Cougar spotted in Midland park
Users of Midland Provincial Park are asked to be aware of wildlife.
This comes after a cougar was sighted last week in the park near the Royal Tyrrell Museum.
Gerry Bennett, acting area manager for Alberta Environment and Parks, says museum employees caught sight of the cougar on March 24 while they were jogging. Bennett says it is not uncommon for wildlife to be in the area.
“Cougars are animals that live in Alberta and you will run across them where the habitat is suitable,” said Bennett.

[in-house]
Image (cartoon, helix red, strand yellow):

“It just so happens the Red Deer River Valley is a suitable habitat and you can expect to see them. Now that we have, we just want people to be aware.”
He explains that when the cougar caught sight of the joggers, it bolted, which is how he hopes they would typically behave.
“Given there is an ample natural food source in the area (deer, rabbit) and because the cougar exhibited normal behaviour by bolting, there is no need for concern,” he said. “For the most part, as soon as they hear you coming, they are going to be gone.”
However, due to the close proximity to the museum and walking trails he says the public needs to be aware. Warning signs were posted at the entrance to the Museum and an advisory was posted on the AlbertaParks.ca website.
For more information check out Preventing Conflict with Wildlife.
Signs are posted at the pathway entrances to Midland Provincial Park warning users of a cougar sighting in the area.